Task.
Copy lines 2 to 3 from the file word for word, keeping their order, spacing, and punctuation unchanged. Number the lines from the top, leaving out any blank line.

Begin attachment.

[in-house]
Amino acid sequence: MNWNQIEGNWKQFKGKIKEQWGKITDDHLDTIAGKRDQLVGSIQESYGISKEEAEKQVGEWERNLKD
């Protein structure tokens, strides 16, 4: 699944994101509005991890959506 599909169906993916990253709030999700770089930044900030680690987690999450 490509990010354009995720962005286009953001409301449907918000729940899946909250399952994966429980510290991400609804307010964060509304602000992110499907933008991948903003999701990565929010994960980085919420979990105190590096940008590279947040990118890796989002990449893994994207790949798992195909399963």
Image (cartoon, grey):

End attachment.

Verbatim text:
Amino acid sequence: MNWNQIEGNWKQFKGKIKEQWGKITDDHLDTIAGKRDQLVGSIQESYGISKEEAEKQVGEWERNLKD
């Protein structure tokens, strides 16, 4: 699944994101509005991890959506 599909169906993916990253709030999700770089930044900030680690987690999450 490509990010354009995720962005286009953001409301449907918000729940899946909250399952994966429980510290991400609804307010964060509304602000992110499907933008991948903003999701990565929010994960980085919420979990105190590096940008590279947040990118890796989002990449893994994207790949798992195909399963």